When the railway system was nationalised on 1 January 1948 the new British Railways Western Region largely corresponded to the extent of the former Great Western Railway lines. However on 2 April 1950 there was a major revision of regional boundaries, one effect of which was to transfer the whole of the main line from Sparkford (just south of Castle Cary) to Weymouth, together with the Abbotsbury, Bridport and Easton branches to the Southern Region. However the existing operating arrangements were continued, with the Western Region providing the passenger train services and showing them in its regional timetable. The Southern Region passenger timetable for winter 1951/2, for example, did not include the Abbotsbury branch.

The Easton branch was particularly vulnerable to bus competition as it was paralleled by a main road for most of the way to Portland. Apart from the Bridport - West Bay route, the Easton branch was the first Dorset line to close to passenger traffic (on 3 March 1952) but it was retained for goods traffic.  The Abbotsbury branch was also vulnerable to competition from buses,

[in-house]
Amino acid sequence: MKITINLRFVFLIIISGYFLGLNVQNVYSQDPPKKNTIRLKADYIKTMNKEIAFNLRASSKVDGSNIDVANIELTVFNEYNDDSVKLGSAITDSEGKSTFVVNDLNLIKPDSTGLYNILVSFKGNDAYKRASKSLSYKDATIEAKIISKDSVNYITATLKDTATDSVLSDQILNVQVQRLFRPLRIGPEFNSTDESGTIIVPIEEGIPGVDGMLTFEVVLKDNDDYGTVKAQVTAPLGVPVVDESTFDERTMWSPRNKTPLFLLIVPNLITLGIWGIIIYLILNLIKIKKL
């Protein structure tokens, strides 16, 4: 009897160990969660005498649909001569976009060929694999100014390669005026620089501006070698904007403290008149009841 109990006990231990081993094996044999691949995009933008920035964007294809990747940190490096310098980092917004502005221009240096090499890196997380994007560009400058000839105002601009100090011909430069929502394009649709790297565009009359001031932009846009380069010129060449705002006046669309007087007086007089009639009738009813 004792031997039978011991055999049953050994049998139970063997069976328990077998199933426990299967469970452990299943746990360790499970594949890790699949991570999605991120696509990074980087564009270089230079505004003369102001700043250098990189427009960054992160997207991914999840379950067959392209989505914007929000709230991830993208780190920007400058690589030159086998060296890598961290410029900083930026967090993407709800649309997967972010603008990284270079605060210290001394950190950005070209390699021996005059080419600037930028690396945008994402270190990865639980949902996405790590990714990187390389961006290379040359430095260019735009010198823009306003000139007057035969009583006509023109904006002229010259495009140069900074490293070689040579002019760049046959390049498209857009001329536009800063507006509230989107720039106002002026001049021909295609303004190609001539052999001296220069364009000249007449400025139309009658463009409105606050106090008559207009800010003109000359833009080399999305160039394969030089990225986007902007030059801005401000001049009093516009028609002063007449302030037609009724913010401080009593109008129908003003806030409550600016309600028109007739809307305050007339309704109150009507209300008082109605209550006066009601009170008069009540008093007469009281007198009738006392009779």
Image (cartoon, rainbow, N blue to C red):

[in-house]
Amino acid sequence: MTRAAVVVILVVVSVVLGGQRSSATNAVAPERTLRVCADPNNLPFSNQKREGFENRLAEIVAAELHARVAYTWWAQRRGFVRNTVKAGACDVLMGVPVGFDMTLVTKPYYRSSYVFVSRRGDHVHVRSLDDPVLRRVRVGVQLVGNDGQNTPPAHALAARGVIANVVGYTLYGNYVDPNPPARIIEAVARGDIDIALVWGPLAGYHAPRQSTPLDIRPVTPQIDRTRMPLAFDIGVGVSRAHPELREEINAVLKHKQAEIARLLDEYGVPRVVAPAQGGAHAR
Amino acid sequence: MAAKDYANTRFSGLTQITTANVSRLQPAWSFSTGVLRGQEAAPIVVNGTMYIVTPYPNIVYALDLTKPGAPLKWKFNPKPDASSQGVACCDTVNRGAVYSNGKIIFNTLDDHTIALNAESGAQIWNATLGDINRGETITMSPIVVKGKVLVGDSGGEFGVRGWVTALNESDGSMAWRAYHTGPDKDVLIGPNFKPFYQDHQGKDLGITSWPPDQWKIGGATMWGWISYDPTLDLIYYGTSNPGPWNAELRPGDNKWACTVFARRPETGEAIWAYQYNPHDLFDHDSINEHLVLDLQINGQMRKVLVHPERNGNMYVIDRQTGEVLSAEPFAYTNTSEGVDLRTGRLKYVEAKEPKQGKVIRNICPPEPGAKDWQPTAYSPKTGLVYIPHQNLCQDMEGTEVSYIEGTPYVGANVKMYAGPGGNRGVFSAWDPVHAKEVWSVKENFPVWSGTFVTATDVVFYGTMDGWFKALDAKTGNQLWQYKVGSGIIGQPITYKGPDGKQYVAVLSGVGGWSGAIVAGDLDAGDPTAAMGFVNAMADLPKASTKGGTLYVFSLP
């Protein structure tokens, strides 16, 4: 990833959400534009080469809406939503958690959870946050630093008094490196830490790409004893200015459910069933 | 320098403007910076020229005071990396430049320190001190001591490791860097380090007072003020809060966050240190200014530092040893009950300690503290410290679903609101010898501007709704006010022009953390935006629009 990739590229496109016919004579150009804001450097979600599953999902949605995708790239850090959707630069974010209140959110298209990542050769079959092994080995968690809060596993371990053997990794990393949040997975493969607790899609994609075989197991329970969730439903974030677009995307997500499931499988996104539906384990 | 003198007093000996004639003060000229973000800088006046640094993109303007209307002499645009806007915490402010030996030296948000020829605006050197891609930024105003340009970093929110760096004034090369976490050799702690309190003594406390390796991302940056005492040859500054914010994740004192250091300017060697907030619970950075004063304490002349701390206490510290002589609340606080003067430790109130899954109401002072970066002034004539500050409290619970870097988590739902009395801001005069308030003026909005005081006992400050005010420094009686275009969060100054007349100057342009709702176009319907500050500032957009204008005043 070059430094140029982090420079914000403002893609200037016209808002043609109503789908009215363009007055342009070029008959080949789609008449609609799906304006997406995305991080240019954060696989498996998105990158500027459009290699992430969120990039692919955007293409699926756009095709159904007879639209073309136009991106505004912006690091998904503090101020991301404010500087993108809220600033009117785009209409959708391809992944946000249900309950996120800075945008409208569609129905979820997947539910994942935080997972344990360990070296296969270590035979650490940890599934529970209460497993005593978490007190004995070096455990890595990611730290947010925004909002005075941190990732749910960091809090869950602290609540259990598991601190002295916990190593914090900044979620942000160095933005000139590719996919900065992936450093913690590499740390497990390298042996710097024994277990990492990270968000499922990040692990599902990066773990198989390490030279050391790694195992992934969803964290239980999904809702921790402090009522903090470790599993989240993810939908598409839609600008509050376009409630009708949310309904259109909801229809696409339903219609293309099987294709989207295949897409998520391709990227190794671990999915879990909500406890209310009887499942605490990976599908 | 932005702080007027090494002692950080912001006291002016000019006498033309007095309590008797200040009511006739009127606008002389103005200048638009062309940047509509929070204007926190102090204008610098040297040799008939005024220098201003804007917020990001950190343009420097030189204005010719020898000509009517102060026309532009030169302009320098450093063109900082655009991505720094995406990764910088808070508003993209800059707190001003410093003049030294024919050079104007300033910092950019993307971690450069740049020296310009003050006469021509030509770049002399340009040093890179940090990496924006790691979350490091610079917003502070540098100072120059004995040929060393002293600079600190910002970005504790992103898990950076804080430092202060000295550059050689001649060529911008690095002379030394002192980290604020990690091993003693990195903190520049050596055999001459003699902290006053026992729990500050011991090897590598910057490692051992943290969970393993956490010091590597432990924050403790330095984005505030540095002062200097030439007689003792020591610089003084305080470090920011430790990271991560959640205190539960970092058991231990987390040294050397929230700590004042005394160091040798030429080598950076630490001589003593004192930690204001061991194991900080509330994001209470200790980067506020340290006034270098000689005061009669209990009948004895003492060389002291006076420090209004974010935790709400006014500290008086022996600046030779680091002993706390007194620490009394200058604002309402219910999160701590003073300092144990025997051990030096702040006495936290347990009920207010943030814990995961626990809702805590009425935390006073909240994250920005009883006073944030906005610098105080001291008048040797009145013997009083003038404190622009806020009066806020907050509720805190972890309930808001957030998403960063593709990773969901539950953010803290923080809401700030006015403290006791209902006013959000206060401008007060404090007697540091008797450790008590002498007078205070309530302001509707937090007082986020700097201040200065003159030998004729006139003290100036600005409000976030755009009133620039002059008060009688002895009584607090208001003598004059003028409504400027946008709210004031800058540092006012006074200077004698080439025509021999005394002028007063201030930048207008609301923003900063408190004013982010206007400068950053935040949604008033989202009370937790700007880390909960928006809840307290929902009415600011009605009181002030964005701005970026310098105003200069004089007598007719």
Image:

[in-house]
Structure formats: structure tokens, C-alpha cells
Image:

the more so because of the indirectness of a journey to Weymouth and the inconvenient siting of the station at Abbotsbury, some distance short of the village. A further disincentive to use the trains was that they made leisurely progress along the line, limited to 40mph, but with a 25mph restriction west of Portesham and 10mph ¼-mile east of Abbotsbury.

Towards the end of the line's existence GWR diesel railcars were used to reduce costs, but they could not prevent its inevitable closure. As the branch never lived up to expectations for goods traffic, despite local protests and an improved service it closed completely on 1 December 1952, with only a short section between Upwey Junction and Upwey (originally Broadway, then Broadwey) remaining open for another nine years to serve the goods depot at Upwey.  It was built there because the position of Upwey Junction station on the embankment leading to Bincombe Tunnel had always made that station unsuitable for handling goods traffic. 

West of Upwey, the track was lifted in 1955. The last passenger train to travel on any part of the Abbotsbury branch was the REC ‘South Dorset Rail Tour’ on 7 June 1958 which visited Upwey goods depot. The line to Upwey closed to goods traffic on 1 January 1962, and the remaining track was lifted in 1965.  Radipole (The ‘Halt’ suffix was dropped in 1969) on the main line remained open until 31 December 1983 when the cost of repairs to the platform could not be justified.